For example, Finlok focuses on the digitisation of unofficial group-based financial prototypes by uniting communities on a shared digital platform, encouraging savings and allowing them to borrow from each other. “By bringing the underbanked community together to save, building a corpus fund, and enabling them to even borrow from each other in addition to borrowing from Finlok, we are encouraging discipline towards saving while negating the need for credit,” said the founders, Tanuj Sinha and Atish Poddar. They further added that this model will “tremendously benefit the blue-collared workers and people starting careers in the IT and ITeS sector, among others.”

On the other hand, GramCover aims to address the problem of its rural customers’ lack of awareness about insurance and its complex procedures. Established in December 2017 by Jatin Singh and Rishabh Garg, GramCover works closely with entrepreneurs from rural villages by supplying them with the necessary technological tools needed to create straightforward, affordable and practical insurance products.

At the moment, China and India’s FinTech ecosystems are experiencing a much higher penetration rate than other Asia Pacific countries like Singapore, Indonesia and Malaysia, but this does not mean that the level of financial disruption is any less impactful in these areas. Singapore, for example, is considered one of the major FinTech hubs in the region and has managed to triumphantly position itself as a key industry player.

As promulgated by Prime Minister Lee Hsien Loong, the Southeast Asian country is primed to become the world’s first “smart nation” by the year 2030 by utilizing technology to create multiple-sector opportunities for its citizens as well as increase administrative, economic and social efficiency. Through the establishment of a financial sector technology and innovation scheme, this venture will also designate $168 million over the next few years to motivate financial firms to form partnerships with FinTech startups.

“Singapore’s government and regulators are supporting fintech,” Jon Allaway, Accenture’s Senior managing director for financial services for the ASEAN region said. “Singapore is also engaging startups by mentoring them and working with them to figure out where the holes or potential problems are.”

Like India, Indonesia’s unbanked population has been a significant catalyst for the untethered growth of FinTech companies that will not only provide financial assistance and opportunities to the underserved, but radically change the financial landscape of the country.

The proliferation of peer-to-peer (P2P) lending platforms like Modalku has not only helped small businesses access capital, but has also attenuated a financing shortfall evaluated at more than $73 billion by providing loans to millions of people without access to bank credit. Jakarta-based business owner Siyono praised the P2P platform that assisted him in taking out a loan with an interest of 16% per annum.

“It is so flexible. I don’t need collateral and I can submit my documents anytime of the day. There’s no bank like that,” said Siyono. Other FinTechs like Cicil focus on assisting young students in financing their tuition and educational needs. “Cicil is not just another lending company. Access to education can lift up and improve living standard, however education system is costly in Indonesia. Cicil fills the gap by giving financing to students for their tuition and education tools such as laptops. It helps students progress forward and align with national movement to become Energy of Asia,” Willson Cuaca, Managing Partner of East Ventures said.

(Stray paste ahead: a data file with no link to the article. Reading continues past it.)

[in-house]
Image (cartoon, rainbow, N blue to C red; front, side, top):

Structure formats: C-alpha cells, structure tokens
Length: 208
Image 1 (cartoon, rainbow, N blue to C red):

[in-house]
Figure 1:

In Malaysia, demand for FinTechs has become greater in the past 5 years, owing to the country’s solid underlying market, a growing population and strong business to consumer (B2C) model that makes it an attractive entrepreneurial hotbed. The accelerated expansion of the FinTech scene in Malaysia was due in part to the government’s relentless efforts to point tech innovation towards transforming the nation into a cashless society, which is what the Central Bank or Bank Negara Malaysia (BNM) also aims to do. This can be seen as a turning point in the country’s financial ecosystem as more and more traditional banking institutions are beginning to see the potential of FinTechs and how their application within the industry can help improve accessibility, quality and efficacy for consumers.

Local banks are equally eager to join the movement towards wider FinTech involvement in their businesses. As an example, Maybank collaborated with Samsung and Alipay in 2017 to introduce Maybank Sandbox that focused on providing essential opportunities for innovators and entrepreneurs to encourage FinTech growth in the region.

“Our aim is to be the leading platform for aspiring FinTech, technologists, technology enthusiasts and even students from anywhere in the world who want to learn about developing real world solutions to ideas that not only come from banks but also brokers, insurance companies and other non-bank organisations,” said Maybank Group Chief Technology Officer, Mohd Suhail Amar Suresh.

As we have seen, developing nations in Asia Pacific are fast becoming world-renowned game changers in the burgeoning FinTech industry. These countries are not only redefining the concept of banking and finance, but also pushing the boundaries of innovation, ingenuity and excellence in order to provide practical, secure and convenient finance services and solutions for all citizens through the adoption of FinTech procedures. It is only a matter of time before further development in this sector catapults the Asian continent to new heights, firmly solidifying its position as a FinTech juggernaut.